Art Basel 2015 highlights

Now in its 46th year, Art Basel remains the dean of all art fairs dedicated to modern and contemporary art and the annual meeting place for anyone in the art world who wants to be seen.
Art, Basel, Time Out Switzerland
© Art Basel
By Michele Laird |

Entering into its 46th year, Art Basel remains the dean of all art fairs dedicated to modern and contemporary art and the annual meeting place for anyone in the art world who wants to be seen. But like any art fair, it is coming up against the competition of other art fairs that are popping up all over the world, in China, in Turkey and India, to name only a few countries that are producing exciting art.

As a result, Art Basel has also gone global with editions in Miami and Hong Kong. It is now trying to stay ahead of its own game by being much more than a market place where 200 of the world's leading galleries put their best art up for sale to attract the high net worth individuals who call themselves collectors, but who could also be seen as investors. But don’t expect to see Roman and Dasha Abramovich, the Rubbels or Sheikha Mayassa Al-Thani, because they have probably swept through Art Basel even before it is opened to the public. The string of parties starts on the Monday before the official opening day on Wednesday.

In a clever move for its 2015 edition, Art Basel is blurring the fine line between the market place and institutions that are funded to expose art. It has invited the most prestigious galleries to bring a selection of masterpieces from the beginning of Modern art to the 1970s. Walking the aisles will be like visiting a museum and the fair has promised a new floor plan to make the visit less fraught than in most market venues. By the way, the art is actually on sale too, prices upon request of course. But what very few visitors know before coming to the fair is that Art Basel is also a playing ground for many star curators who give the fair a very contemporary buzz.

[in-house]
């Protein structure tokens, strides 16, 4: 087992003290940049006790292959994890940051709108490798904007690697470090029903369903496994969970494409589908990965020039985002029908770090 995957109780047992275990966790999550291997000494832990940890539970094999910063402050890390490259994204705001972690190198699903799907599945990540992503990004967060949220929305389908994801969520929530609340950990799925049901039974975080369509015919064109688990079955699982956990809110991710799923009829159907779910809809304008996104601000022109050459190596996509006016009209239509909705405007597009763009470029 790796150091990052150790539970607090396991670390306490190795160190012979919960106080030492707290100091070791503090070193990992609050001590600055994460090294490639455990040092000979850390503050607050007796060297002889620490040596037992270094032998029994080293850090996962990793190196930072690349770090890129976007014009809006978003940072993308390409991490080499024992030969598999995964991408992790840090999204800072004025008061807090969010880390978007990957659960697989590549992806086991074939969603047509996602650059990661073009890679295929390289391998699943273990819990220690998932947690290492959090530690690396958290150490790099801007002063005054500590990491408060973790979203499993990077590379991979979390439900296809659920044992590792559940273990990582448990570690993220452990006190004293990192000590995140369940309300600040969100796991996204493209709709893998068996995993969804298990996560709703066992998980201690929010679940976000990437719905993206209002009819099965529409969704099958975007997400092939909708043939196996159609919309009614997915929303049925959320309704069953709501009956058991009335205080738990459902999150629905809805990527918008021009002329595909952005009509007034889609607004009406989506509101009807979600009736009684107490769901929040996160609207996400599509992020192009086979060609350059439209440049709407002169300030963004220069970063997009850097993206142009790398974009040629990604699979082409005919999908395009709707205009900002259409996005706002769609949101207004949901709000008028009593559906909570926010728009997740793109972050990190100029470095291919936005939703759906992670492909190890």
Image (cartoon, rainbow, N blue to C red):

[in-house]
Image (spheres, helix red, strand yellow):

Read on to discover some of the highlights from the eight show sectors at this year's fair. 


Ai WeiWei, 'Stacked'


Art Basel's pioneering exhibition platform for out-sized sculpture and paintings, video projections, large-scale installations, and live performances that fill the stunning volume of the Herzog and de Meuron hall. It is curated by New York-based Gianni Jetzer who gives it a distinctive political and ecological dimension. Ai WeiWei’s 'Stacked' will be worth the visit, as will works by the disruptive Kader Attia and eco-militant Olafur Eliasson.

Mathieu K Abbonenc, 'Prophylaxis of Sleeping Sickness', Marcelle Alix, at the Statements sector of Art Basel


New solo projects by young, emerging artists. Look out for a site-specific project by Swiss artist Raphael Hefti, which will produce aluminum sculptures onsite.

Edwin van der Heide, LSP – Münsterplatz.


This sector engages the city's historical quarters with site-specific projects and will take place this year around the Münsterplatz area near the Basel cathedral. Parcours Night on 20 June is like jumping into a pool of performance art and will include this year the electrifying Alexandra Bachzetsis and light illusionist Edwin van der Heide.

Hassan Hajjaj,The Third Line, 'Karima: a day in the life of a henna girl'.


A premier program of film and video works, selected for the first time by Cairo-based film curator and lecturer Maxa Zoller and will feature the long-awaited European premier of ‘Peggy Guggenheim: Art Addict’, Takashi Murakami’s first feature film ‘Jellyfish Eyes’ and Hassan Hajjaj’s new film ‘Karima: A Day in the Life of a Henna Girl’. Art Basel will collaborate for the first time with the Festival del film Locarno on a special screening.

Things to do around Art Basel

Art Basel, Basel event, Time Out Switzerland
Swiss Tourism

Art Basel essential guide

This year, Art Basel is shaping to be a even more of an global event as its predecessors. And like any high standing grand event, this one has a whole host of great places to wine, dine and see.

More to explore